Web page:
"The first thing I'd do as President," Barack Obama told Planned Parenthood in 2007, "is sign the Freedom of Choice Act." The bill would remove almost all state and federal restrictions on abortion. But observers wonder if the anti-abortion movement has enough life in it to successfully fight the legislation or similar measures.
Election Day suggested significant setbacks for pro-life advocates as voters in California, Colorado, and South Dakota rejected ballot measures restricting abortion. Obama's election destroyed hopes that possible Supreme Court appointees would reverse Roe v. Wade. And Planned Parenthood says Congress now has at least 15 fewer pro-life legislators than it did last session.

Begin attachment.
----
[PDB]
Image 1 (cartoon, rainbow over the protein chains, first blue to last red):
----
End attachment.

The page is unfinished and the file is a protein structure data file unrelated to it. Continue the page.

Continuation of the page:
"I think there's abortion fatigue among the populace for sure," said Cynthia Gorney, a University of California, Berkeley, professor who studies abortion. She found the most obvious signs in South Dakota, where a self-identified pro-life electorate rejected an abortion ban for the second time in two years. Colorado activists failed to amend the state constitution to define person as "any human being from the moment of fertilization," a definition that divided even pro-life advocates. And although 52 percent of Californians voted to ban gay marriage, the same percentage voted no on a parental notification law.
"Redefining marriage is a bigger deal to Americans," said Mark Regnerus, a sociologist at the University of Texas at Austin and author of Forbidden Fruit: Sex and Religion in the Lives of American Teenagers. "It's sort of changing the script of what America is about. People aren't ready to do that."
Signs of fatigue aside, observers agree that abortion will remain a major political issue.
"People are still energized and ready to ...1